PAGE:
Instead of using a traditional product video, Nescafé describes the coffee production process with Gopro cameras in a series of cleverly created 360° videos. The series starts with a rendition of the plantation where the coffee beans are harvested.
360° image videos are also able to fully reflect their strengths in destination videos (tourism films). For example, Quantas uses a 360° World Video in connection with travel destination, which gives the viewer an opportunity to gain an idea of the comfortable trip and the desired dream destination per video even before his arrival.
Naturally, this list must include a mention of the long-term market leader when it comes to modern experience and branded entertainment: Red Bull. The Salzburgian frontrunner uses 360° reports for adventure videos in its rendition of extreme sports, which provide the viewer with the feeling of being right in the video when the impossible is made possible.
The ideal way for perfectionists
The 360° genre also has the ideal way in the 360° genre for those wanting unbeatable perfectionism when it comes to rendition. However, with regard to effort and costs, this is in a class of its own: in this case, the film set is completely built around the 360° camera. Either digitally in 3D on the computer or in reality: at the end of the 1990s and for one of the most elaborate 360° theme park films ever produced in Europe, the Bavaria Studios in Munich took weeks to produce decoration which was perfectly coordinated to the focal lengths of the 360° lenses. Previously, director Dani Levy and camera man Carl-Friedrich Koschnik had used the script to specify exactly how close the camera had to be to actors Meret Becker and Michael Gwisdek and at which point in the action. This resulted in the lengths of the necessary camera travel and positioning of the people, which also permitted the perspective calculation, drawing and construction of the decoration.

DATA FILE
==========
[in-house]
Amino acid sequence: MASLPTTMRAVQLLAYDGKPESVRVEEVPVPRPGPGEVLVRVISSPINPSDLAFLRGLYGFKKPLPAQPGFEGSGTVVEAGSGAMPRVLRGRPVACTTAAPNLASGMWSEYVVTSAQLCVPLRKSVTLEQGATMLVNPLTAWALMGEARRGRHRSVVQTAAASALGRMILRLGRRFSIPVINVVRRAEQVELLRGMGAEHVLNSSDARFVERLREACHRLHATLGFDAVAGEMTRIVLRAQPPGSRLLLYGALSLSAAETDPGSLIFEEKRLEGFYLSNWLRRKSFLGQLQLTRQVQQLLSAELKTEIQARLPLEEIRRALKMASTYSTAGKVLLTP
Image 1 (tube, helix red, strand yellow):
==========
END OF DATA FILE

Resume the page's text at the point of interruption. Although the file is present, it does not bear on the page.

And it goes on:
Digital perfection in 360°:
At the end of the day, the perfect video is quite simple to determine. Perfection is not a given when only the technology of the video is in its maximum form. A 360° film is simply perfect whenever the video fulfils its purpose. And is therefore able to render maximum effect.
New trend: 360° bloggers
YouTube has permitted the streaming of 360° videos (so-called live 360 videos) since April. Video bloggers have therefore been presenting themselves to their fans in 360° video streams for some weeks now, including their wall cupboards and dirty laundry under their beds. Whether this should be understood as an antithesis to what was propagated in this series of articles on video, or as a sure sign of the fact that the trend towards 360° video has already exceeded its half-time, is left to be decided by the reader himself.
I cannot escape the feeling that the creators of this technology have come to accept a virtuality, which represents a shrunk version of what we as consumers had been dreaming of. Adrian Daub, NZZ dated 25 May 2016
Cleverly made, 360° videos are an attractive marketing and communication tool. However, you should never use 360° videos simply because they are currently really trendy. Instead, use them only when a recourse to the all-round view can also be contextually, editorially and dramaturgically justified.
Whenever the use of 360° video is senseless, there is a simple, tried-and-tested action alternative: not to produce a 360° video!
Getting ready for the shoot: 360°-Video
the author of this article, Kristian Widmer, has produced seven international 360° films, (Circlevision and Dome projections) for theme parks since 1998. In 1963/1964, Condor Films AG already produced a 360° film for location-based entertainment and is currently working on four new, customer-assigned 360° videos for entertainment purposes on Social Media platforms.